In the classic Agatha Christie novel And Then There Were None, an unknown murderer strikes down, one by one, 10 strangers who are stranded in a house on an otherwise deserted island. The assailant’s identity remains a mystery until after the tenth corpse has fallen.
The case of the 10 Republican House members who voted to impeach then-President Trump in his term’s dwindling days and now are disappearing from Congress is a nearly obverse mystery. Instead of a criminal mastermind working from the shadows, we have a spotlight hound eager to take credit for the deed and a political media willing to bestow it upon him—even if the available evidence doesn’t quite add up.
Michigan’s Fred Upton on Tuesday became the fourth of the 10 congressmen to announce his retirement. Trump wasted no time gloating. “UPTON QUITS! 4 down and 6 to go,” the former president kvelled in a written statement, sounding every bit the serial killer taunting the police. “Others losing badly, who’s next?” (All but one of the other six face Trump-encouraged primary challenges.)
Trump has long described himself as a “counter-puncher,” believing that no slight should pass without a forceful response. He has fulminated against the Impeachment Ten since they cast their votes, and his MAGA hordes have worked to exact his retribution. House Republicans voted last May to remove Liz Cheney from her leadership post (she’s used her spare time productively, serving as vice chair of the chamber’s investigation into the January 6 insurrection). She and others received death threats for their unwillingness to bend the knee and embrace Trump’s warped unreality, in which the election was rigged against him and January 6, 2021, was a flock of freedom-loving tourists besmirched by antifa commandos.
“We get really nasty threats at home,” Upton told CNN at the end of last year. “The tone gets, you know, tougher and tougher, and it’s a pretty toxic place.” Trump undoubtedly contributed to that noxious environment, but in Upton’s case his vendetta was probably not the deciding factor. Upton, who was first elected to the House in 1987, had biennially wrestled with running again before Trump came on the scene, said Doug Heye, a former House GOP leadership aide. Michigan’s new congressional map, drawn by an independent commission, had set Upton up for a Thunderdome primary (two men enter, one man leaves) against fellow incumbent Bill Huizenga. One can see how the prospect of a death match against a colleague for the right to keep basting in toxicity may have convinced Upton to finally call it quits, even more than the ex-president’s badgering did.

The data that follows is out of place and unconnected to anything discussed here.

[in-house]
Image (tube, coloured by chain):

But Trump looms over every media account of Upton’s departure. “Something happens in the Republican Party, therefore Trump,” said Heye, a steadfast never-Trumper. “It’s always the case.” That’s dangerous, Heye argued, because Trump survives on attention. “I compare Trump to a professional wrestler,” he said. “If you cheer him, great; if you boo him, great. Just so long as you’re there.” That’s why, more than a year after leaving office, Trump endures in our political discourse in a way no other former president has. “Journalists often talk about ‘sunshine is the best disinfectant,’ but they ignore the fact that weeds need sunshine to grow,” Heye said. “And those things are symbiotic.”
That only underscores the broader problem of Congress losing someone like Upton. Images of Tip O’Neill chumming with Ronald Reagan notwithstanding, Washington has always been defined by partisan struggle—and punctuated by moments of limited, yet consequential, bipartisan cooperation. Upton is a case in point. Michigan’s longest-serving congressman, he’s long been willing to work with the other party to get bills enacted, such as 2016’s 21st Century Cures Act and last year’s infrastructure bill. He’s also no “squish,” to borrow conservatives’ parlance: He was a key leader in the effort to overturn Obamacare. As Washington loses the last few remaining old-school Republican congressmen, our political ecosystem’s balance is further upset. Congress risks becoming a venue solely for political performance, and passing legislation may well go extinct.
You don’t have to agree with the likes of Upton to appreciate their importance as legislators who can distinguish opportunities for partisan gain from opportunities for substantive accomplishment. He has been the proverbial workhorse who’s overshadowed by the freak-horse antics of his party’s ascendant, Trumpian fringe. His departure removes one more guardrail in a party increasingly given over to performative posturing and uninhibited conspiracy-mongering. “When the Uptons of the GOP leave, the vacuum is filled by the crazies,” Norm Ornstein, the venerable congressional scholar, tweeted Tuesday. “So sad.” What happens when there are none like him left?